Welcome back to the Doctor Rich Channel. Today we’re going to talk about ovarian cysts. If you’ve ever had an ovarian cyst: What is the most likely diagnosis, how is it worked up, and what can you do about it?
Don’t have time to read this post? Watch the video here instead!
If you watched the Four Phases of Menstruation video (and I know that you have, Loyal Subscriber!), you’ll know that every month, the ovary’’s job is to make a cyst. It starts out as a tiny little follicle, grows up into a mature cyst, and then undergoes the process of ovulation.
What gets left behind is something called the corpus luteum cyst. So this is just a progesterone-secreting cyst that helps support the pregnancy. Now, sometimes the cyst can have a blood vessel that can break into it, and it can become a hemorrhagic cyst. It can be anywhere from a speck to a large five- or even ten-centimeter cyst, which actually can cause symptoms such as pain, pressure, bloating.
And although sometimes the symptoms can be quite severe, this is a self-limiting process. The body will absorb all functional cysts over time, and the treatment strategy is to simply observe and repeat an ultrasound in six to eight weeks. Over that time period, the body will reabsorb this cyst, which is a process of the normal function of ovulation. These cysts account for about 99% of all the cysts that are going to happen. When you go see your doctor, you have pain, they get an ultrasound, and they identify a cyst — it’s usually one of these.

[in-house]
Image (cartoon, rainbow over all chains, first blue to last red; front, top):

There are many other benign tumors and also cancer tumors. For today’s video, we’re going to limit this to the most common benign tumors that you can have.
1. Mature Teratoma (or Dermoid Cyst)
The most common benign tumor (that’s not a functional cyst) is called the mature teratoma or dermoid cyst. This is a cyst that’s made up of a bizarre combination of cell types and tissue from different cell layers. It can contain hair, sebaceous cyst material, sweat glands; it can contain thyroid tissue, lung bone tissue. It’s essentially just this odd combination of “embryology gone wrong.” There are very early cell types that should have differentiated into different mature types of tissue, but they’re all together in one cyst.
What do we need to know about it, and what do we need to do?
Well, there are certain characteristics that we can find on imaging (either an x-ray or ultrasound), particularly if there’s calcified tissue that we’d find in teeth and bone. This is pretty much diagnostic for that dermoid cyst type. These cysts will not go away on their own; they’ll continue to grow over time — and eventually, they have to be managed surgically.
What are the risks of operating, and what are the risks of waiting?
If we wait for this cyst to grow larger to get a definitive diagnosis, you run the risk of the cyst twisting on its own blood supply. This is called ovarian torsion. It can cut off its blood supply, and you might actually have the entire ovary die (essentially starve itself of blood), and you could lose that ovary — which would be identified at the time of surgery as an ovary that’s no longer viable and has to be surgically removed.
In most of our anatomic structures, we have some duplication. You have two kidneys. You can give your friend a kidney, and as long as the other one’s working at least 20-30%, your body would not know the difference. So you can lose an ovary and still have normal ovarian endocrine function throughout the rest of your life. The challenge is you no longer have a spare. So if something happens to the remaining ovary, you’re in permanent surgical menopause.